The relevant parts of section 170-5 deal with prohibitions against participating in “any matter in which, to the knowledge of the official or employee, the official or employee or a qualified relative of the official or employee has [a legal or financial] interest” (sections 170-5.A.(1) and 170-5.A.(3)) and the misuse of “the prestige of office “or public position for the private gain of that official or employee or the private gain of another” (section 170-5.D.).

The commission concluded that the language of section 170-5.A. clearly established that “there is no sufficient justification to authorize [Coates] to participate in a vote,” and that this was enough to obviate the need to consider whether the “prestige of office” issue covered in section 1705.D. also applied.

“As stated in Section 170-2.A. of the Ethics Code, people have a right to be assured that the impartiality and independent judgment of public officials and employees will be maintained,” the ethics commission members wrote. “Our interpretation . . . is guided by our belief that [Coates’] participation in a vote that might have the effect of absolving [her] from a possible personal contractual financial obligation would compromise the public trust.”

They noted, however, that their conclusions were “tempered by uncertainties” as to whether Coates was legally obligated to pay the two law firms she had engaged to represent her in the various lawsuits. In any case, the opinion noted, that question falls outside the commission’s mandate to focus on legal matters outside the ambit of the county ethics code.

Four of the five members of the ethics commission signed the advisory opinion. TLR understands that the fifth member, County Attorney Wes Adams, recused himself from the deliberations due to his involvement in the circuit court case.*

What’s Next?

If Coates abides by the ethics commission advisory opinion and recuses herself from a board vote on whether to reimburse her for legal expenses related to the two appeals, any vote on the issue is likely to end in a tie and will therefore fail. (Based on previous votes and discussions during open board sessions, TLR expects that Bowling and Stewart would not vote in favor of additional taxpayer subsidization for Coates’ appeals, while Collins and Patterson would likely vote in favor.) If that happens, then Coates would presumably be liable for the unpaid balance.

On the other hand, all parties must certainly know that if a vote on the issue is called and Coates attempts to participate in it, the result would be unprecedented procedural chaos that would unfold live on CCGTV and be recorded for posterity — and no doubt be repeated ad nauseam throughout the 2026 election campaign. To avoid that, it’s likely that the parties would first attempt some kind of negotiations in closed session, though based on events to date, TLR doesn’t see much common ground on which to negotiate.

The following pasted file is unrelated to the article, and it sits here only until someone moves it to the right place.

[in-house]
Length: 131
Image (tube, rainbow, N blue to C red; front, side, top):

If the county commissioners decline to pay Coates’ legal bills for the appeals, any number of things could happen, including:

  • Coates assumes the burden of paying her legal costs, either out of her own pocket or from contributions from friends, family, and supporters, or a combination of both.
  • The legal firm representing Coates agrees to continue pro bono.
  • Coates withdraws her appeal.

TLR will continue to watch this latest development as it continues to evolve, and will provide updates via the website, subscriber newsletter, and on its Facebook page, which readers are encouraged to follow for interim updates.

Download the Documents Discussed in This Post

1: “Notice of Appeal,” October 17, 2023
* Attachment B, “Statement of Issues

2: “Scheduling Order,” January 23, 2024

* During the December 2022 closed session, Coates, Collins, and Patterson had also attempted to fire Adams, which they were unable to do because only Belton has the contractually mandated authority to do so. As circuit court case filings show, Coates’ attorneys have alleged that Adams was involved in a conspiracy with Belton to manipulate the 2020 investigation by outside counsel that found Coates had discriminated against Belton and created a hostile work environment. (go back)